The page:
Who's going to pull the plug on rising use of electricity?

HARRISBURG, Pa. - With electricity bills across most of Pennsylvania set to jump in a couple years when rate caps expire, a scramble is on at the Capitol to see how that might be averted.

From Gov. Ed Rendell to the state's largest utilities, everyone agrees that conservation is a good idea. It's just that they don't agree on who should shoulder the burden of getting people to stop using so much electricity.

The subject is getting attention this year, and figures to get more this fall, as Rendell ratchets up pressure on the Legislature to approve his sweeping plan to subsidize clean energy projects and cut electricity costs. A pillar of his plan is conservation, and one of the ways he wants to do it has utilities worried.

Rendell wants to require utilities to invest in conservation projects when it's cheaper than buying more electricity to meet rising demand. The idea is to flatten demand instead of letting it continue to rise every year, advocates say.

"That's a lot cheaper than building another power plant," said Sonny Popowsky, the state's utility consumer advocate.

It also could mean stringing fewer new transmission lines across the land, Popowsky and others say. And at 4 cents per kilowatt hour, conservation programs are substantially cheaper than the 10 cents or so it costs for every kilowatt hour of electricity, conservation advocates say.

There might be a few ways to curtail demand.

Pennsylvania's rural electric cooperatives execute rolling shutdowns of members' water heaters on days when electricity is most in demand and, thus, most expensive. Some utilities, such as Baltimore Electric & Gas and Chicago's Commonwealth Edison, pay customers to volunteer their air conditioners for rolling shutdowns and are experimenting with automated thermostats in customers' homes.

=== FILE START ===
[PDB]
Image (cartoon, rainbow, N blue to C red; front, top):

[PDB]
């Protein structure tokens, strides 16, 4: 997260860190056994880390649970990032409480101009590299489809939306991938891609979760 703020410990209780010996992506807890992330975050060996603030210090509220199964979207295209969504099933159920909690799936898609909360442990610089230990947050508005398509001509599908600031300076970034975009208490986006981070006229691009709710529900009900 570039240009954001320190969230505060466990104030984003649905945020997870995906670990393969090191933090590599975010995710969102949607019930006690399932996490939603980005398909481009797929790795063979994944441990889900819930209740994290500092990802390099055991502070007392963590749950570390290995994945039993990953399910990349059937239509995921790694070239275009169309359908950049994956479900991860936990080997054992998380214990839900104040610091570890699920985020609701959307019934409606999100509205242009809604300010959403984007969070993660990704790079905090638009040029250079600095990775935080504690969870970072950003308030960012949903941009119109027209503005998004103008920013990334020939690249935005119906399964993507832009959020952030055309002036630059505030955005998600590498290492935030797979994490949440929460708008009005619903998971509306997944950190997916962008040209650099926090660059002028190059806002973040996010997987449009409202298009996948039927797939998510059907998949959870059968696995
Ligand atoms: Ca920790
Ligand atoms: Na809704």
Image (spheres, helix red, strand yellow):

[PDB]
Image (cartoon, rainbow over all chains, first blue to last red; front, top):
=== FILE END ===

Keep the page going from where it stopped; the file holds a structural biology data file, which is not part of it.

Rendell's plan envisions utilities giving customers the ability to program thermostats and appliances to shut off at certain times of the day, and hiring contractors that specialize in getting home- and business owners to cut electricity use.

"It's not about the utility controlling your house," said Dan Griffiths, who directs Rendell's energy office. "It's about giving you the ability to control your house."

Utilities in Pennsylvania, from PPL to Duquesne Light, are carrying out their own experiments with conservation, but bristle at Rendell's ideas. They say everyone from governments to owners of large homes has to be willing to undergo a major attitude change in an electricity-loving society.

For example, TVs are getting larger and using more electricity even as people are watching them more.

"We cannot be the only people who are being told to adjust demand," said J. Michael Love, president of the Harrisburg-based Energy Association of Pennsylvania, which lobbies on behalf of the state's electric utilities. "It's not just utilities that have to change."

And Love said he worries that a law that dictates when a utility must cut usage will not be flexible enough to balance the demands of a business in which electricity is sold in wholesale markets and prices change by the minute.

Some question whether utilities can be trusted to carry the banner of conservation and protect ratepayers in a deregulated market.

"The more we consume, the more they make," said David Hughes of Citizen Power, a Pittsburgh-based ratepayer advocacy group.

But Love insisted the argument is false, and pointed to the willingness of utilities to accept restructured, or "decoupled," rates from state regulators. Such rate structures essentially encourage utilities to help their customers conserve, rather than letting conservation eat away at profit.

Other states have taken that route, Popowsky said, including some that have more aggressive conservation policies.


Marc Levy covers state government for The Associated Press in Harrisburg. He can be reached at mlevy(at)ap.org.